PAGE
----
Confessions (World's Classics) - Augustine of Hippo, Henry Chadwick Took me a long time to read this one; I think I've been too heavy on the classics-side of my reading list, and I'm getting burned on classics.

Hmm... first of all, "of Hippo"... how awesome! I want that as a last name.

Okay, on the whole, an interesting conversion story to read. Augustine is a thinker, he was classically educated with lots of Plato and Aristotle, so ol' Auggy thinks big picture, philosophical-like. That's quite unlike how I think. For some reason, I don't spend much of my mental energy on the notion of ultimate good or ultimate evil when there's plenty of local good and evil to be observed.

Auggy gets starts off on a really rough foot, though. He frames the Confessions as the story of his life, and the first chapter involves what a sinful kid he was. I mean, when he was a baby, he CRIED. How shameful. When he was a kid, he liked to play GAMES. What a sinner! The plot thickens from there--when he was sixteen, he STOLE SOME PEARS FROM A PEAR TREE. You can tell he still feels guilty about it. Man, if that's the worst thing he did when he was 16, he got through his teenage years pretty easy.

Luckily, the tone of the book gets better after the first two chapters, and we don't hear him whine so much (at least until the end). From there, it's his adventures as a traveling student and teacher of rhetoric, his long stay with the Manichean faith (look it up), and his very slow and eventual conversion to christianity.

At the end, it gets weird. The last thing holding him back from being a christian is that he somehow gets the weird idea that to be christian (catholic, I guess) you need to be celibate.... if that was EVER the case, the catholic church would've died out in a generation. So he goes through this (understandable) personal anguish about never being able to do the nasty again, and then has an epiphany... end scene.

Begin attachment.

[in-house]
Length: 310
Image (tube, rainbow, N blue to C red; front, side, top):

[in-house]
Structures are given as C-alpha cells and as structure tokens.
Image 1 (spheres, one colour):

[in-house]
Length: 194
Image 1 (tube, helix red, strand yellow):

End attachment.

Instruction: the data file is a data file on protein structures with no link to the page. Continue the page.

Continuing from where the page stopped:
To be fair, my version is abridged to books I-VIII and doesn't include the last two books where he is baptized, and wraps up the story, but it's all over but the shouting by the end of book VIII.

I feel like I'm being unnecessarily harsh on ol' Augustine, but I'm sick, and wish I was reading something more interesting. The book is not without its merits, and I really liked the following passage:

[Augustine, at the brink of an epiphany, asking his best friend]
"What is wrong with us? ... The unlearned arise and take heaven by force, and here are we with all our learning, stuck fast in flesh and blood! Is there any shame in following because they have gone before us, would it not be worse a shame not to follow at once?"

I feel like that sometimes-- like it's easier to be faithful if you aren't learned/smart/intelligent, but part of the journey to faith is humbling yourself to realize it doesn't matter in God's eyes, we are all his children.

OK, now on to some adventures...